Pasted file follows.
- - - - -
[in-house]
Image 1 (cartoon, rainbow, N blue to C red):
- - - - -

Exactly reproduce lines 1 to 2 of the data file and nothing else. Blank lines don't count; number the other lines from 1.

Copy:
[in-house]
Image 1 (cartoon, rainbow, N blue to C red):